G-H-O-T-I Spells Fish

It’s been a long time since I’ve listened to an entire series of recorded lectures, but last week I picked up Michael Drout’s A Way With Words III: Understanding Grammar at the library, and I was immediately enraptured.  I haven’t listened to anything else since, burning straight through the seven discs during my drive times this week, absorbing the whole eight hour extravaganza. 

Drout is one of the most personable speakers I’ve ever heard lecture; his humor, pop references, voices, and casual approach were always perfect: he could have been sitting right next to me.  The lectures were substantive, too.  Not only does he review the basics, with some twists, but he clearly explained some things that I’ve seen other teachers clumsily belabor. 

For example, when the sticky issue of the pronoun of indeterminate gender came up (using “he” or “she” when you don’t know if the subject being referenced is actually male or female, as in, “Any student who wants to get a good education should read his little heart out”), instead of resigning himself to the lame stand by of using an inappropriate “their” (it’s singular, not plural), and decisively rejecting such politically correct constructs as “s/he,” he announces a policy so catchy and utilitarian that I’ve wanted to shout it as a battle cry ever since: Pluralize the antecedent!  (Which would make my example from before into, “Any students who want to get a good education should read their little hearts out.”) 

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G-H-O-T-I Spells “Fish”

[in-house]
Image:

droutIt’s been a long time since I’ve listened to an entire series of recorded lectures, but last week I picked up Michael Drout’s A Way With Words III: Understanding Grammar at the library, and I was immediately enraptured.  I haven’t listened to anything else since, burning straight through the seven discs during my drive times this week, absorbing the whole eight hour extravaganza. 

Drout is one of the most personable speakers I’ve ever heard lecture; his humor, pop references, voices, and casual approach were always perfect: he could have been sitting right next to me.  The lectures were substantive, too.  Not only does he review the basics, with some twists, but he clearly explained some things that I’ve seen other teachers clumsily belabor. 

For example, when the sticky issue of the pronoun of indeterminate gender came up (using “he” or “she” when you don’t know if the subject being referenced is actually male or female, as in, “Any student who wants to get a good education should read his little heart out”), instead of resigning himself to the lame stand by of using an inappropriate “their” (it’s singular, not plural), and decisively rejecting such politically correct constructs as “s/he,” he announces a policy so catchy and utilitarian that I’ve wanted to shout it as a battle cry ever since: Pluralize the antecedent!  (Which would make my example from before into, “Any students who want to get a good education should read their little hearts out.”) 

Ah, glorious.  I want that on T-shirts and posters.  I want to put on a mask and fight crime, with that as my rallying cry as I dash into a violent fray: Pluralize the antecedent!  Mel Gibson could paint half his face blue and ride in with that declaration ringing across the field. 

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